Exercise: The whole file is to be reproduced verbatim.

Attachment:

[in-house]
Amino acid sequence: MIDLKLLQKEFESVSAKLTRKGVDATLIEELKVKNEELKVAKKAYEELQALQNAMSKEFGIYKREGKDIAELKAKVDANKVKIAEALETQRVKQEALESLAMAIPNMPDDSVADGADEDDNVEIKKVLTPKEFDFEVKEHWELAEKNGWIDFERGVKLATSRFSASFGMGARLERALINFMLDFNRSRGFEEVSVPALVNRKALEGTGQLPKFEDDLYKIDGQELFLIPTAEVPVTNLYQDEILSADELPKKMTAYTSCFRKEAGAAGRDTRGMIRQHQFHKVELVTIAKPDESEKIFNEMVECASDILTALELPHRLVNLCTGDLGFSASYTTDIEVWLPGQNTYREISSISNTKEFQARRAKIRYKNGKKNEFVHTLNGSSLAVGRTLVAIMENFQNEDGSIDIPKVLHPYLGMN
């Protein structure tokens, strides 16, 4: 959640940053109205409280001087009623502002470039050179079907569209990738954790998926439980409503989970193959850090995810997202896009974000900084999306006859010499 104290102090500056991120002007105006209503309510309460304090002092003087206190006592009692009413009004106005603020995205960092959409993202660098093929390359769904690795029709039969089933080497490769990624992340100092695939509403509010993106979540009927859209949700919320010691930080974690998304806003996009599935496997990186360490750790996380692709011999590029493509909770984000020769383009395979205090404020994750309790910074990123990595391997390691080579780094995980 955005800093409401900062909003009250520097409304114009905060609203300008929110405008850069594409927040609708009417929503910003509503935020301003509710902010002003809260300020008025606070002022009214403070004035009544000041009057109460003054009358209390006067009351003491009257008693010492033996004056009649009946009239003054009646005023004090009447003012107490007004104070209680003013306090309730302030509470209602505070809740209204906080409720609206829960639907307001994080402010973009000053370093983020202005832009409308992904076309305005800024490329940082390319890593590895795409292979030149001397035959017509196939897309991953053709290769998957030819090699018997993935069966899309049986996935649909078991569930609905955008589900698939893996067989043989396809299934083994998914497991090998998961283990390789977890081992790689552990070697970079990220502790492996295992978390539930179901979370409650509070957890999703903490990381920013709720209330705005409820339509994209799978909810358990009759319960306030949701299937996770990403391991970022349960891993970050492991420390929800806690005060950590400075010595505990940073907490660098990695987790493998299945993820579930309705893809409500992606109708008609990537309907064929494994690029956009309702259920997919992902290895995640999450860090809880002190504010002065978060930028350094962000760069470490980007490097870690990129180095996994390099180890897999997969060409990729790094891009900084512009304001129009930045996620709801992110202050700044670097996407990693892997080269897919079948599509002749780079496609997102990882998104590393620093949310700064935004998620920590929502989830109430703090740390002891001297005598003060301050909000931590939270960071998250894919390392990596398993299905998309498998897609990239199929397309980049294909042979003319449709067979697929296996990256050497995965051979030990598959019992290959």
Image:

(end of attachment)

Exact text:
[in-house]
Amino acid sequence: MIDLKLLQKEFESVSAKLTRKGVDATLIEELKVKNEELKVAKKAYEELQALQNAMSKEFGIYKREGKDIAELKAKVDANKVKIAEALETQRVKQEALESLAMAIPNMPDDSVADGADEDDNVEIKKVLTPKEFDFEVKEHWELAEKNGWIDFERGVKLATSRFSASFGMGARLERALINFMLDFNRSRGFEEVSVPALVNRKALEGTGQLPKFEDDLYKIDGQELFLIPTAEVPVTNLYQDEILSADELPKKMTAYTSCFRKEAGAAGRDTRGMIRQHQFHKVELVTIAKPDESEKIFNEMVECASDILTALELPHRLVNLCTGDLGFSASYTTDIEVWLPGQNTYREISSISNTKEFQARRAKIRYKNGKKNEFVHTLNGSSLAVGRTLVAIMENFQNEDGSIDIPKVLHPYLGMN
């Protein structure tokens, strides 16, 4: 959640940053109205409280001087009623502002470039050179079907569209990738954790998926439980409503989970193959850090995810997202896009974000900084999306006859010499 104290102090500056991120002007105006209503309510309460304090002092003087206190006592009692009413009004106005603020995205960092959409993202660098093929390359769904690795029709039969089933080497490769990624992340100092695939509403509010993106979540009927859209949700919320010691930080974690998304806003996009599935496997990186360490750790996380692709011999590029493509909770984000020769383009395979205090404020994750309790910074990123990595391997390691080579780094995980 955005800093409401900062909003009250520097409304114009905060609203300008929110405008850069594409927040609708009417929503910003509503935020301003509710902010002003809260300020008025606070002022009214403070004035009544000041009057109460003054009358209390006067009351003491009257008693010492033996004056009649009946009239003054009646005023004090009447003012107490007004104070209680003013306090309730302030509470209602505070809740209204906080409720609206829960639907307001994080402010973009000053370093983020202005832009409308992904076309305005800024490329940082390319890593590895795409292979030149001397035959017509196939897309991953053709290769998957030819090699018997993935069966899309049986996935649909078991569930609905955008589900698939893996067989043989396809299934083994998914497991090998998961283990390789977890081992790689552990070697970079990220502790492996295992978390539930179901979370409650509070957890999703903490990381920013709720209330705005409820339509994209799978909810358990009759319960306030949701299937996770990403391991970022349960891993970050492991420390929800806690005060950590400075010595505990940073907490660098990695987790493998299945993820579930309705893809409500992606109708008609990537309907064929494994690029956009309702259920997919992902290895995640999450860090809880002190504010002065978060930028350094962000760069470490980007490097870690990129180095996994390099180890897999997969060409990729790094891009900084512009304001129009930045996620709801992110202050700044670097996407990693892997080269897919079948599509002749780079496609997102990882998104590393620093949310700064935004998620920590929502989830109430703090740390002891001297005598003060301050909000931590939270960071998250894919390392990596398993299905998309498998897609990239199929397309980049294909042979003319449709067979697929296996990256050497995965051979030990598959019992290959």
Image: